For example, in the 1910s and 1920s China’s emerging rail network stimulated the commercial cultivation of peanuts, tobacco, and other cash crops along the rail corridors in Huabei. Now fast shipment of precious cargo was possible with transshipment to international markets via Shanghai and Qingdao. Companies such as BAT (British American Tobacco) invested in storage and processing facilities in Shandong and Jiangsu provinces along the Tianjin-Pukou line and ran advertising rail cars to educate farmers in agricultural methods for growing tobacco. As a result, stations like Bengbu developed into commercial trade centers, serviced by new logistics companies that underwrote freight insurance and facilitated the use of commercial paper. These new hubs also attracted branches of modern Chinese banks and brokerages. I argue that Chinese railroads encouraged and supported economic activities within regionally defined boundaries, which were often driven by local incentives. However, it is important to note that despite the link of the agricultural sector to international markets, railroads did not create a unified national market during the Republican period.

Cunningham: From an institutional perspective, one of the pivot points seems to have been the 1928 creation of the first Ministry of Railways, under Chiang Kai-shek’s Nationalist government in Nanjing. How did the establishment of a centralized railroad bureaucracy change things, both at the time and in the decades that followed?

Köll: Although the founding of the Republic of China in 1911 brought the de facto nationalization of all railroads, it did not lead to a centralized system right away due to the unstable political situation of fragmented government power. The Nanjing Decade from 1927 to 1937 brought about a brief period of consolidation when the Nationalist government under Chiang Kai-Shek established the Ministry of Railways with a strong, centralized bureaucracy.

The centralization of the bureaucracy happened in the context of the railroads’ successful contribution to education and the proliferation of science and engineering in the first half of the 20th century. From the beginning, railroad companies and their nationalized successors had trained their staff and skilled labor in schools and workshop facilities on the rail compounds, and railroads also operated schools for the children of their employees. The Nationalist government supported the expansion of scientific and engineering education, especially the University of Communication and Transportation, Jiaotong daxue, which still exists today and whose graduates joined the academic and professional elite of the Republic, many of them in positions at the Ministry of Railways.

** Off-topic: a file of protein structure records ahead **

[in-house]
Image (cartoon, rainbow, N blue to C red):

We need to remember that the introduction of engineering into the curriculum of the universities and training colleges began to take off only in the late 1910s and early 1920s. Railroads as business institutions and bureaucracies created a demand for professionals and skilled workers, which led to the rise of engineers with a very distinct professional identity of working for the railroad in government service. This trend continued even after 1949, when working for the railroad was still considered one of the most prestigious jobs because it offered good remuneration, welfare and health services on the rail compounds, access to a number of free train tickets every year, and a more secure food supply in times of scarcity. Until recently, China’s railroad system also operated with its own legal system, the so-called railway transportation courts, which were integrated into the national court system only in 2012. The Ministry of Railways thus had been able to function almost as “a state within a state” with a relatively high level of autonomy and administrative power compared to other ministries.